This is an aerial view of vineyard agriculture in Sonoma County. Vineyards that divert water from streams used by juvenile salmon and steelhead trout could reduce their impacts by storing winter rainfall in small ponds such as the ones seen in this photo.
Credit: Adina Merenlender
California's vineyards are stealing water from the fishes in nearby rivers, a new study suggests, and the competition between farmers and fish for water is intensifying.
"Nearly all of California's salmon and trout populations are on the path to extinction and if we're going to bring these fish back to healthy levels, we have to change the way we manage our water," study researcher Theodore Grantham, of the University of California, Davis, said in a statement. "Water withdrawals for agricultural uses can reduce or eliminate the limited amount of habitat available to sustain these cold-water fish through the summer."
The findings, published today in the May issue of the journal Transactions of the American Fisheries Society, link higher death rates for threatened juvenile steelhead trout with low water levels in the summer and the amount of vineyard acreage upstream.
"I don't suggest we get rid of vineyards, but we do need to focus our attention on water management strategies that reduce summer water use," Grantham said. "I believe we can protect flows for fish and still have our glass of wine."
Steelhead trout (Oncorhynchus mykiss), historically found throughout the North Pacific Ocean, are an ocean-going rainbow trout. Like salmon, steelhead trout migrate from freshwater streams to the ocean before returning to their birthplace to breed. Steelhead trout in Southern California are endangered, and in Northern California they are threatened.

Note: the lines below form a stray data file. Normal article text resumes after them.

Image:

Analysis is of 9 years of fish count data taken from 9 streams in Sonoma County, allowed researchers to account for year-to-year variability in precipitation and differences in land use. The researchers found that juvenile steelhead trout are particularly at risk during the dry summer seasons and in areas with high numbers of vineyards.
Of the juvenile steelhead trout present in June, on average only 30 percent survived to the late summer. In years with higher rainfall and in watersheds with less vineyard land use, the survival was significantly higher.
While drought conditions clearly have an impact on water levels in streams, the study authors highlighted the role played by regional agriculture. Previous studies in Sonoma County have shown that stream flow drops when pumps draw water for vineyards.
One possible solution, Grantham noted, is establishing small off-stream reservoirs to store water during times of high rainfall. Vineyards would be able to draw from these water stores during low-flow periods rather than directly from streams.